We've all heard of the "death rattle," the last gasp from a lost soul's lungs. Sometimes, we seem to hear it from the companies in which we invest. Revenues dry up. Margins contract. Profits evaporate. All these signs suggest that their condition is worsening -- a financial death rattle, if you will.

Stocks in sickbay
Don't assume that all such companies are goners. Some will barely cling to life, while others will make a full recovery. Sure it happens, but here we're seeking companies that have all but given up the ghost.

For help, we'll turn to the clever coroners at our 140,000-strong Motley Fool CAPS community, where members give the thumbs-up or thumbs-down to some 5,300 stocks. We've unearthed a handful of stocks that look like they might be headed six feet under based on their one-star ratings, but we'll head over to CAPS to measure their opinions on a company's prospects.

Then we'll palpate their pulse with some quick tests for liquidity -- who knows, maybe we'll still find some signs of life! The current ratio and quick ratio (also called the "acid test" ratio) give us an idea of a company's ability to pay its bills, and the Altman Z-Score suggests companies in danger of bankruptcy. Companies scoring 3.00 and above are considered safe, between 2.70 and 2.99 are "yellow flags," between 1.80 and 2.70 have a good chance of going bankrupt within two years, and those with scores below 1.80 mean the cryptkeeper is waiting.

Here's today's list. The question is, with our primary screen being those stocks that CAPS investors have given one-star status to, are these companies only mostly dead, or have they already given up the ghost?


CAPS Rating

Current Ratio

Acid-Test Ratio

Altman Z-Score

Recent Price







Bon-Ton Stores (NASDAQ:BONT)






Carnival (NYSE:CUK)






Krispy Kreme Doughnuts (NYSE:KKD)






Martha Stewart Living Omnimedia (NYSE:MSO)






Sources: Motley Fool CAPS; Capital IQ, a division of Standard & Poor's.

We obviously don't know if these companies are headed six feet under, so don't short them based on their appearance here. Moreover, some companies like software makers and financials don't neatly fit into the Altman Z-Score scale. Yet like the mythological figure of Charon conducting souls across the River Styx to the netherworld, we'll use the CAPS community as our guide to determine whether these stocks are destined to seriously underperform the market.

Whistling past the graveyard
Like CAPS All-Star kristm, many investors see the end of the Martha Stewart-Kmart collaboration as a pretty bad thing. The concern over losing the Sears Holdings (NASDAQ:SHLD) division shows just how good the pairing has been for the company.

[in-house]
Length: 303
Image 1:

There's still a clothing deal with Macy's, but the K-Mart arrangement is the majority of their merchandising profits. Take away the branded merchandise and all you have left is essentially a magazine company, a satellite radio channel, and a handful of TV shows.

As kristm further points out, since the former arrangement was what helped keep Kmart afloat, you have to wonder if it's more tragic for Sears than for Martha Stewart Living Omnimedia. It hasn't been able to post an increase in sales in years, while at least Martha Stewart Living Omnimedia has moved on to put a handful of products in Wal-Mart Stores (NYSE:WMT) and has signed on to collaborate with Home Depot (NYSE:HD). The companies' publishing empire is perhaps a weak link because of industry difficulties -- Conde Nast, for example, just ended its high-end cooking magazine Gourmet because of a lack of advertising -- but if she can continue to ink merchandise deals and expand her Wal-Mart presence she ought to be able to keep the wolf from the door.

Rattling the cage
Are these companies doomed to drag their investors into an underworld of underperformance? Or will they be resurrected to stalk the markets once again? It pays to start your own research on these stocks on Motley Fool CAPS. Read a company's financial reports, scrutinize key data and charts, and examine the comments your fellow investors have made -- all from a stock's CAPS page. Sign up today, absolutely free, and let us know whether you think the Grim Reaper's at the door.

The Home Depot, Sears Holdings, and Wal-Mart Stores are Motley Fool Inside Value picks. Try any of our Foolish newsletter services today, free for 30 days.

Fool contributor Rich Duprey owns shares of Wal-Mart, but does not have a financial interest in any of the other stocks mentioned in this article. You can see his holdings. The Motley Fool's disclosure policy remains vibrant and full of life.